Individual study: Effects of sowing treatment and landscape position on kangaroo grass Themeda triandra establishment in degraded Eucalyptus woodlands at Dripstone, Cowra, Harefield and Burrumbuttock, New South Wales, Australia
Cole I., Lunt I.D. & Koen T. (2005) Effects of sowing treatment and landscape position on establishment of the perennial tussock grass Themeda triandra (Poaceae) in degraded Eucalyptus woodlands in southeastern Australia. Restoration Ecology, 13, 552-561
In Australia, primarily due to agricultural development and livestock grazing, native grassy eucalypt woodlands are often degraded. There are no reliable techniques to restore grassy and herbaceous understorey species over large areas. Re-establishment of dominant native grasses such as the perennial kangaroo grass Themeda triandra is particularly important as it competes strongly with non-native species. This study compared Themeda establishment using a variety of sowing techniques at upper, mid- and lower landscape positions in degraded woodlands of central New South Wales.
Study sites: Four localities (Dripstone (near Wellington), Cowra, Harefield (near Wagga Wagga) and Burrumbuttock (near Albury)) were selected. The average distance between localities was 145 km. At each locality, three different landscape positions were selected (upper, mid- and lower) giving a total of 12 sites.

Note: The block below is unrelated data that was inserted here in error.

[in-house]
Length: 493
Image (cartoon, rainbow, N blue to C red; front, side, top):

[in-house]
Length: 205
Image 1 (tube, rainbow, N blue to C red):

Experimental design: A randomized block experiment was established with five replicates of five seedbed treatments : combinations of soil disturbance (disturbed, non-disturbed) and weed control (atrazine, nonatrazine), plus topsoil scalping followed by soil disturbance. Plots were 4 x 2 m a in 20 × 10 m block.
Pre-treatment management: The sites were slashed at the end of September 2000 to remove most standing herbaceous vegetation and glyphosate sprayed. A week prior to sowing, plots were mown to 3 cm height and clippings were removed (to simulate heavy grazing).
Treatment application: In October 2000, scalping and disturbance treatments were applied, and seed (a seed-floret mix harvested by brush harvester from a local Kangaroo grass Themeda triandra grassland) was spread at a rate of 22 germinable seeds/m² . Disturbance was achieved using a single pass of a four-tyne scarifier. In the scalping treatment, the topsoil was removed by shovel to 5 cm, followed by a single scarifier pass. The atrazine treatment was applied immediately after sowing, 1.8 kg a.i./ha applied by knapsack sprayer.
After 117 days, all plots were sprayed with atrazine to control weeds.
Kangaroo grass established in all plots and establishment was not significantly affected by landscape position, despite significant differences in non-native cover between sites.
The scalped/disturbed treatment resulted in significantly better establishment at 400 days (18% or 3.9 plants/m²) than the control (8% or 1.8 plants/m²). Other treatments did not differ significantly from the control.
Results indicate that Themeda grassland can be re-established in degraded eucalyptus woodlands relatively simply. Themeda established on all plots, and contrary to expectations, landscape position did not influence establishment success.
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